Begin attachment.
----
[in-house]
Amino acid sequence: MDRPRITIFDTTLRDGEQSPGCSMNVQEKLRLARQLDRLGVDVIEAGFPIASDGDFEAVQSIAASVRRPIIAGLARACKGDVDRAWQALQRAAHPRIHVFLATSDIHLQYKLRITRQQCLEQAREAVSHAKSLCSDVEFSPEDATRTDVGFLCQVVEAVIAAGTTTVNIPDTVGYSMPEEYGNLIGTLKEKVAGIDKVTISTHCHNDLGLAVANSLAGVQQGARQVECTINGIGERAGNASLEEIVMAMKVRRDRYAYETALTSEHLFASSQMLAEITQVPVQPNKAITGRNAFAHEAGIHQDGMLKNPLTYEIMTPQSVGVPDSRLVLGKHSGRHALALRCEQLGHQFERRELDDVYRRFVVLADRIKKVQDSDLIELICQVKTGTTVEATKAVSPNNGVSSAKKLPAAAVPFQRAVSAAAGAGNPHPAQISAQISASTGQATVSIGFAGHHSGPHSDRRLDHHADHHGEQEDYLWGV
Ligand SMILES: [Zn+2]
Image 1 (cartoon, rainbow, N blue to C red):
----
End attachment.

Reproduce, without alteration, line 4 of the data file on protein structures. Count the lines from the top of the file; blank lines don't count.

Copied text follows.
Image 1 (cartoon, rainbow, N blue to C red):